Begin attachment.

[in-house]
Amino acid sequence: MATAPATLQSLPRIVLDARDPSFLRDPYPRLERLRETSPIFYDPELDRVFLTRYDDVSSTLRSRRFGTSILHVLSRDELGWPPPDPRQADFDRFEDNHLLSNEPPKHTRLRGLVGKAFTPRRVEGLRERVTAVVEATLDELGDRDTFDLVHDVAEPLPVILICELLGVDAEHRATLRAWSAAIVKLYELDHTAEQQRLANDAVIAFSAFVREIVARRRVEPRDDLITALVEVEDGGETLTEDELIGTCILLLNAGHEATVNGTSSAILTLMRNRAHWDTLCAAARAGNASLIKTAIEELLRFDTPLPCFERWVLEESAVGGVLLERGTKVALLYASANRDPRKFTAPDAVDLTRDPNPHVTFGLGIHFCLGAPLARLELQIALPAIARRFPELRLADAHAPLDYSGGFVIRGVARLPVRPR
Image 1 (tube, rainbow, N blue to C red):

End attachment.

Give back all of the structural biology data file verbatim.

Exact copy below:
[in-house]
Amino acid sequence: MATAPATLQSLPRIVLDARDPSFLRDPYPRLERLRETSPIFYDPELDRVFLTRYDDVSSTLRSRRFGTSILHVLSRDELGWPPPDPRQADFDRFEDNHLLSNEPPKHTRLRGLVGKAFTPRRVEGLRERVTAVVEATLDELGDRDTFDLVHDVAEPLPVILICELLGVDAEHRATLRAWSAAIVKLYELDHTAEQQRLANDAVIAFSAFVREIVARRRVEPRDDLITALVEVEDGGETLTEDELIGTCILLLNAGHEATVNGTSSAILTLMRNRAHWDTLCAAARAGNASLIKTAIEELLRFDTPLPCFERWVLEESAVGGVLLERGTKVALLYASANRDPRKFTAPDAVDLTRDPNPHVTFGLGIHFCLGAPLARLELQIALPAIARRFPELRLADAHAPLDYSGGFVIRGVARLPVRPR
Image 1 (tube, rainbow, N blue to C red):